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Hamas in the Sunni-Shiite War

Hamas has become a tool for both the Sunni and Shi'ite fundamentalists to use in their battle not only against the non-Muslim world, but against each other.
Gunmen from the Ezzedine al-Qassam Brigades, the armed wing of Hamas, in Gaza City on November 22, 2012.

Is Arab terrorism an ethnic minority or a religion? Gunmen from the Ezzedine al-Qassam Brigades, the armed wing of Hamas..
Photo Credit: Abed Rahim Khatib / Flash 90

As for last week’s mini-war between Israel and Hamas, the members of Hamas are Sunni fundamentalists; it therefore seems it would be only natural for the Sunni world to support them. But Iran, from the inception of the Islamic Republic in 1979, saw organizations such as Hamas as tools to help them undermine the Sunni rulers, who control most of the Arab world.

Iranians understood that they could not stand up to the Arab world militarily, so Iran looked for Arab causes to support, which would demonstrate to the Arab masses that their rulers were weak and unable to solve problems, such as Israel’s existence in the heart of the Arab and Muslim world, and the tyranny under which Arabs live.

First, the Iranians took over the Israel issue. For many years, Arab rulers had talked about defeating Israel but kept failing, thus heaping shame and humiliation on the Muslims — in Middle Eastern culture, a fate worse than death. So Iran took on the Israel issue, which is, at best, peripheral to Shi’ites. For Shi’ites, the supposed holy status of Jerusalem is a Sunni innovation. The “holy status” was invented by hated Sunni rulers about 50 years after Muhammad’s death, and thus to Shi’ites is an illegal innovation. Iran seems to have calculated that if it made this Sunni issue its own, and it stood up to the Israelis, it might gain the support of the Sunni masses against their rulers, and thus help Iran destroy these Sunni rulers and thereby win an important battle in their unending 1,400 year war against the Sunnis.

In Lebanon, moreover, Iran created Hizbullah, a Shi’ite military organization – actually an arm of the Iranian military — which eventually fought Israel to a standstill in 2006. This was a huge public relations boost for Iran: no Sunni leaders had ever before managed to best Israel. Almost no Arab rulers complained about Israel going into Lebanon, while at the same time the head of Hizbullah, Hassan Nasrallah, instantly became a folk hero in many parts of the Arab world.

For Iran, Gaza was an opportunity too good to pass up. Iran developed ways of supplying Hamas with weapons to use against Israel, making use of Egypt’s marginal control of the Sinai Peninsula that abuts Gaza. Over the past few years, Iran has supplied Gaza with missiles and rockets that could hit Tel Aviv, and has brought Hamas operatives to Iran for training.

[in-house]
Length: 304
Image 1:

After the so-called ceasefire, Ismail Haniyeh, one of Hamas’s senior political leaders, went out of his way to thank Iran for its help. Thereafter, Iran dispatched a ship with missiles to resupply Hamas with missiles.

Egypt, by contrast, appeared not to want trouble on its border with Israel, and worked with Israel to rein Hamas in. Egypt’s fundamentalist Sunni ruler from the Muslim Brotherhood, Muhammad Morsi, did not, as one might have expected, side with Hamas — a sub-branch of the Egyptian Muslim brotherhood — against Israel. Morsi seems to have many reasons for avoiding a conflict:

  1. Egypt’s economy is collapsing; Morsi needs American economic support or he will not be able to feed his people.
  2. If Egypt attacked Israel, Israel might destroy Egypt’s military, which currently is no match for Israel’s; so it is in the Egyptian military’s interest to keep the peace.
  3. Even though, upon assuming power, Morsi replaced its leaders, if Morsi fights Israel, his military — which is still in place from the days of Hosni Mubarak, which benefits from American military largesse and which controls vast parts of the economy — might overthrow him.
  4. Morsi wants to consolidate his power at home, and then, after becoming a modern pharaoh, push the Muslim Brotherhood’s agenda not only to re-Islamize Egypt, but also the rest of the Muslim world. This plan may be tall and clearly long-term, but ever since the Muslim Brotherhood’s founding in 1928, that has been its main goal. Morsi is himself a senior member of the Brotherhood.
  5. The timing of Hamas’s attack on Israel put Morsi in a bind: even though he had not yet consolidated his power, if the situation had gotten truly out of hand, Morsi might have been forced into confronting Israel.

Combining all of these reasons, Morsi won the day: he mediated between Hamas and Israel, stopped the conflict from zooming out of control, and pacified the Americans who would now feel required to continue the economic, military and even political support Morsi so desperately needs to keep his sweeping new authoritarian powers beyond the reach of any check or balance. By not getting into a war with Israel, Morsi kept the Egyptian military at bay.

About the Author: Harold Rhode, Ph.D., served from 1982-2010 as an Adviser on Islamic Affairs in the Office of the Secretary of Defense. He is now a distinguished Senior Fellow at the Gatestone Institute. He is fluent in English, Hebrew, Arabic, Farsi and Turkish.


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2 Responses to “Hamas in the Sunni-Shiite War”

  1. Arthur B. Levy says:

    may all Israel’s enemies be rejoined with allah hadafuk in “paradise” speedily and soon…

  2. Hannah Prince-kahn says:

    AMEN!!!!!!

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